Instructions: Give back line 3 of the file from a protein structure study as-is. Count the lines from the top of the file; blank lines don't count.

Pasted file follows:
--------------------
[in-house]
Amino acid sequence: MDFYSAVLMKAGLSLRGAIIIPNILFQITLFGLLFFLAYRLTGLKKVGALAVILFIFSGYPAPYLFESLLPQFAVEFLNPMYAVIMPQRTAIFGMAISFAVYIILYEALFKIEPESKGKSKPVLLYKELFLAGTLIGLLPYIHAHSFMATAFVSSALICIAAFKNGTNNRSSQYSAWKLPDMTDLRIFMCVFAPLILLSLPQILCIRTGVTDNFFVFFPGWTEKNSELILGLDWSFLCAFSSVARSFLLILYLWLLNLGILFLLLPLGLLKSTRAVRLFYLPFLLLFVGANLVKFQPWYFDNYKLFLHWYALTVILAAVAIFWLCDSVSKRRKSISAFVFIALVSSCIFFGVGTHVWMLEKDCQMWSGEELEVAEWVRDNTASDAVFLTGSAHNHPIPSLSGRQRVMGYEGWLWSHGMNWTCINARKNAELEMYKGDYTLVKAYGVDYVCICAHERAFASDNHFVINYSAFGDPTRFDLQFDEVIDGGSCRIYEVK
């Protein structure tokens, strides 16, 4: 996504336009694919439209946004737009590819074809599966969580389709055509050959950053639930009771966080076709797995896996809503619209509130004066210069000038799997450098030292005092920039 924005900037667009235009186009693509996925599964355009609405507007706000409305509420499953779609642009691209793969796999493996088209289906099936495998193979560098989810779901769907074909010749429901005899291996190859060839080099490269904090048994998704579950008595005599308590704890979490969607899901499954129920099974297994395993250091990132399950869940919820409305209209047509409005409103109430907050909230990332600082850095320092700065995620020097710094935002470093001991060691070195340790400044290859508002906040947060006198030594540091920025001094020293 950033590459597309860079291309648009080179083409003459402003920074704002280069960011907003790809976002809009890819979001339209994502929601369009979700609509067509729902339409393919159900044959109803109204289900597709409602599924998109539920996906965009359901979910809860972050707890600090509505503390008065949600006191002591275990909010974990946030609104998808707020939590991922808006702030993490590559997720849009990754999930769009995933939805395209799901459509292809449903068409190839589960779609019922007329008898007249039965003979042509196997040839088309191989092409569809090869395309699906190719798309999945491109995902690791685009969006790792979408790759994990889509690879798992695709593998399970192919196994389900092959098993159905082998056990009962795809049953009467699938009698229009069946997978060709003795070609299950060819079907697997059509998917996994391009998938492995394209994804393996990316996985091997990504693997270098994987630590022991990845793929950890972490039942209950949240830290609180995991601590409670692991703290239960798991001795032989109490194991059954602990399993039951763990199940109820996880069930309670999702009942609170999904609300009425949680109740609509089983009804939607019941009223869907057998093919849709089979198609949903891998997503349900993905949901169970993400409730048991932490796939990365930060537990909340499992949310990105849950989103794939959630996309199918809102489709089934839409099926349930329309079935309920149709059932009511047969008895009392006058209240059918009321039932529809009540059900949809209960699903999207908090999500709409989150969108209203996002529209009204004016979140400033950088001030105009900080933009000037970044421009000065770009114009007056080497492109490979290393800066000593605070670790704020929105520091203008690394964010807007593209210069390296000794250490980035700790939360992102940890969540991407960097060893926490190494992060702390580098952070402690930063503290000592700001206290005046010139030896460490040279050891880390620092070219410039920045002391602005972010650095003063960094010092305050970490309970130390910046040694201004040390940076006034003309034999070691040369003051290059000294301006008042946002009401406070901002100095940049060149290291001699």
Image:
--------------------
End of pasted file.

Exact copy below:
């Protein structure tokens, strides 16, 4: 996504336009694919439209946004737009590819074809599966969580389709055509050959950053639930009771966080076709797995896996809503619209509130004066210069000038799997450098030292005092920039 924005900037667009235009186009693509996925599964355009609405507007706000409305509420499953779609642009691209793969796999493996088209289906099936495998193979560098989810779901769907074909010749429901005899291996190859060839080099490269904090048994998704579950008595005599308590704890979490969607899901499954129920099974297994395993250091990132399950869940919820409305209209047509409005409103109430907050909230990332600082850095320092700065995620020097710094935002470093001991060691070195340790400044290859508002906040947060006198030594540091920025001094020293 950033590459597309860079291309648009080179083409003459402003920074704002280069960011907003790809976002809009890819979001339209994502929601369009979700609509067509729902339409393919159900044959109803109204289900597709409602599924998109539920996906965009359901979910809860972050707890600090509505503390008065949600006191002591275990909010974990946030609104998808707020939590991922808006702030993490590559997720849009990754999930769009995933939805395209799901459509292809449903068409190839589960779609019922007329008898007249039965003979042509196997040839088309191989092409569809090869395309699906190719798309999945491109995902690791685009969006790792979408790759994990889509690879798992695709593998399970192919196994389900092959098993159905082998056990009962795809049953009467699938009698229009069946997978060709003795070609299950060819079907697997059509998917996994391009998938492995394209994804393996990316996985091997990504693997270098994987630590022991990845793929950890972490039942209950949240830290609180995991601590409670692991703290239960798991001795032989109490194991059954602990399993039951763990199940109820996880069930309670999702009942609170999904609300009425949680109740609509089983009804939607019941009223869907057998093919849709089979198609949903891998997503349900993905949901169970993400409730048991932490796939990365930060537990909340499992949310990105849950989103794939959630996309199918809102489709089934839409099926349930329309079935309920149709059932009511047969008895009392006058209240059918009321039932529809009540059900949809209960699903999207908090999500709409989150969108209203996002529209009204004016979140400033950088001030105009900080933009000037970044421009000065770009114009007056080497492109490979290393800066000593605070670790704020929105520091203008690394964010807007593209210069390296000794250490980035700790939360992102940890969540991407960097060893926490190494992060702390580098952070402690930063503290000592700001206290005046010139030896460490040279050891880390620092070219410039920045002391602005972010650095003063960094010092305050970490309970130390910046040694201004040390940076006034003309034999070691040369003051290059000294301006008042946002009401406070901002100095940049060149290291001699």